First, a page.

We climb from the notch to the top of Kleinglockner and descend into Eisleitl, a very steep snowfield. The view of Pasterze, Austria’s biggest glacier gets my attention. However, I need to turn my focus from the scenery to my feet as we cross the snowfield—a fall here could easily be fatal. “It’s a thin line between luck and misfortune on the mountain,” is what Matthias told me yesterday night. This was the guiding principle of his uncle, who was a mountain guide, too. I try to figure out what it would be like in a snowstorm up here. As when Matthias went on a search and rescue mission for three Polish climbers here in October 2010. “We were up here for four days, searching for them.” He and his fellow mountain guides crawled up the mountain using hands and feet, “we wanted to find them alive.” Sadly, without success. “I found a dead body,” says Matthias. Orographic lifting over the southern end of the mountain was their doom. “If only they would have called for help five hours earlier, the helicopter had rescued them and no one would have died.”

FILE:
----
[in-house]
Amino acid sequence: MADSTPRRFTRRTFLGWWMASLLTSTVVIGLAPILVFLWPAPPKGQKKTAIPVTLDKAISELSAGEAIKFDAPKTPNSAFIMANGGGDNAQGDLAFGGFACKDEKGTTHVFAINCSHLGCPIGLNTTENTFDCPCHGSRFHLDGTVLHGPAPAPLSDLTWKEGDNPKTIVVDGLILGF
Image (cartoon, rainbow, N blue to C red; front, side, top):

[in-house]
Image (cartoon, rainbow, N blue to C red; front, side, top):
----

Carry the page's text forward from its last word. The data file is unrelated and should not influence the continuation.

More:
The slope levels out a bit and we stop moving roped-up and take off our crampons. From here, it’s a leisurely stroll, I say to myself—at least until we get to Adlersruhe (literally ‘Eagle’s Rest’), where Erzherzog-Johann-Hut sits at an elevation of 3,454 meters, making it Austria’s highest-lying shelter. Suddenly I slip, and I start to fall. I lose my grip on the crampons and they fall into the snow. And so do I. I breathe deeply. Everything is OK, fortunately. We take a rest on Erzherzog-Johann-Hut before descending to Stüdl Hut.
Matthias’ first conquest of Großglockner didn’t take him along Adlersruhe but via Stüdlgrat Ridge, together with Riedler Toni, as he remembers. “That ascent really left me exhausted. Well, the route entails 1,900 meters of climbing from the valley to the top.” Matthias was twelve years old then. Still today, Stüdlgrat is his preferred route, in summer as well as in winter: “We strapped the skis to our back and climbed up the ridge, which was all blanketed in snow – that was an incredible experience,” tells Matthias.